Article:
Before budget bill passes, attorneys tell seniors to hurry up and transfer assets

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As time winds down to the House vote on the budget reconciliation bill, financial advisers have one piece of advice for seniors: transfer your assets.

Advisers have been encouraging seniors to transfer assets to family members so they can receive Medicaid-funded nursing home care subject to the current rules, according to a recent report in the Wall Street Journal. The bill, if passed, tightens up eligibility for Medicaid. One measure in the bill would disqualify a person from receiving Medicaid for long-term care if he or she owned a home worth more than $500,000. Under current law, primary residences of any value are typically exempt.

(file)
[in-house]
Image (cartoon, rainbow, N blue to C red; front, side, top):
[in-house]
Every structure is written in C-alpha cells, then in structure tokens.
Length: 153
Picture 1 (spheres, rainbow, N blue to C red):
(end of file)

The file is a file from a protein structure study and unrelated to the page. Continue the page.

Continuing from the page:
The new law also would extend the look-back period for asset transfers to qualify for Medicaid for long-term care. The window would grow to five years from three. It would also change the date of the asset-transfer penalty period to the day of the Medicaid application from the day the gift was made. Transfers made before the law takes effect will not be subject to the new rules, one elder-law attorney told his clients.

The House could vote on the bill, sending it to President Bush for his signature as early as today.